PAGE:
Early Astronomy in the University of Michigan Collections

Moon Phases and Calendars

The papyrus, which may date to the third century CE, contains a fragmentary list of Full Moons, giving hours (of day or night) and longitudes for 13 consecutive oppositions during one year.

The phases of the Moon were extensively studied in antiquity as many calendars, especially in Greece, were based on lunar phases. The Moon orbits around the Earth in a little more than 27 days and we see it illuminated differently according to its elongation from the Sun. In particular, we have a Full Moon when the Moon is in opposition to the Sun, though if the Moon is close to the plane of the Earth’s orbit the illumination may be partly or totally cut off for a few hours, causing an eclipse.

Full Moons happen once every synodic month, which is on average ca. 29.53-days long. The synodic month is longer than the Moon’s orbit around the Earth because the Moon has to go around the Earth once and then catch up to the Sun which has moved about 27 degrees in those 27 days. It takes a little more than 2 days for the Moon to move those additional degrees and finally catch up with the Sun.

Calendars built using synodic months are lunar calendars and they can have months of 29 or 30 days. However, for daily life and especially for farming activities, which depend on seasons, a calendar also needs to take into account the Sun’s position with respect to the Earth, since this is what determines the seasons on earth. The Greeks, like many ancient cultures, therefore also used luni-solar calendars. In these calendars, in order to make the seasons work properly, they sometimes had years with 13 months (12 standard months + an intercalary month), so as to bring the months back in line with the correct seasons.

In Egypt, the civil calendar was not lunar, but had years of 12 months, each of 30 days, to which 5 additional days were added at the end; however, some religious festivals were tied to particular phases of the Moon, and conjunctions and oppositions of the Sun and Moon were considered astrologically significant. Until Egypt became a Roman province in 30 BCE, there were no leap years in the Egyptian calendar, so that months did not align in the same way with the seasons after a certain amount of time. Beginning with 22/23 BCE, Augustus introduced a sixth additional day at the end of every fourth year to fix the seasonal alignment; this reformed calendar is sometimes called the Alexandrian Calendar. Astronomers and astrologers such as Ptolemy continued to use the old Egyptian calendar for the sake of astronomical calculations; however, this papyrus gave dates in the Alexandrian calendar.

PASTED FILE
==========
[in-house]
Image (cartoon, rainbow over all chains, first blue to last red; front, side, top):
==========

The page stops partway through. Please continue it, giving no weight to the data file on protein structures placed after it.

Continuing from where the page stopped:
The papyrus tabulates a calendar year that contained 13 Full Moons. The table gives seasonal hours of day or night (that is, twelfths of the interval from sunrise to sunset or sunset to sunrise; hence seasonal hours had different durations during the year) and ecliptic longitudes of the Full Moon in degrees and minutes within each sign, expressed as simple sexagesimal numbers without specifying that they represent degrees. The longitudes were not observed but computed, using arithmetical constants typical of Babylonian astronomy. Seasonal hours are expressed using fractions in multiples of 1/3 hour. When the hour is a whole number, the whole number is followed by the zero symbol of the Greek sexagesimal notation; the zero symbol is also used when there are only fractions of hour, e.g. “hour 0 1/3” (indeed, the Greeks did have a zero!—and they had a specific symbol for it, Greek zero sign; see detail).

The rightmost column belongs to a similar table probably belonging to a later year, giving the Egyptian months of that year's oppositions (or perhaps its conjunctions).

Both the longitudes of the Full Moon and the times of the moment of opposition vary from year to year, so that can help us to determine when those listed in the papyrus took place. Yet establishing the correct years for the tables is an unsolved problem; Alexander Jones, who is currently studying the papyrus, suggests, as a possibility, 334/335 CE.

There are other tables of computed oppositions or conjunctions, including P.Oxy. astr. 4214, P.Colker and P.Cair. Mus. S. R. 3059 (part), all studied by Alexander Jones.

Working with Papyri

Sun, Moon, and Planets

Select Bibliography

  • Delporte, E. 1947. “Papyrus Michigan III.” Chronique d’Egypte 22 (43): 73-83.
  • Jones, Alexander. 2016. “More Babylonian Lunar Theory in the Astronomical Papyrus P.Colker.” Zeitschrift für Papyrologie und Epigraphik 199: 137-143.
  • Neugebauer, Otto. 1942. “On Some Astronomical Papyri and Related Problems of Ancient Geography.” Transactions of the American Philosophical Society 32 (2): 251-263, at 251-252.
  • Neugebauer, Otto. 1975. A History of Ancient Mathematical Astronomy. Studies in the History of Mathematics and Physical Sciences. 1. New York: Springer-Verlag: 170–183.
  • Robbins, Frank E. in Winter, John Garrett. 1936. Papyri in the University of Michigan Collection III: Miscellaneous Papyri University of Michigan Studies: Humanistic Series. Ann Arbor: University of Michigan Press: 117-118 [P. Mich. III 150].

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